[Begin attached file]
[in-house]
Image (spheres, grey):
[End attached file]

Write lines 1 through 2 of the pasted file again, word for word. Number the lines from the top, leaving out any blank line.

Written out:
[in-house]
Image (spheres, grey):